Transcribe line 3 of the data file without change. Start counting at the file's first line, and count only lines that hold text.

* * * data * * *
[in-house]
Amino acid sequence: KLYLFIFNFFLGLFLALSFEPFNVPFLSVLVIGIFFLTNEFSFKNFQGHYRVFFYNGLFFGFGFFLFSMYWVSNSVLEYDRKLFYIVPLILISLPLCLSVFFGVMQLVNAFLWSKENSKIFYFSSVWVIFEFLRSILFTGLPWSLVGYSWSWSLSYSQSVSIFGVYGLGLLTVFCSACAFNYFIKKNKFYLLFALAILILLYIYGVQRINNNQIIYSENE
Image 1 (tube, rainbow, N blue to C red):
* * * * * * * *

Image 1 (tube, rainbow, N blue to C red):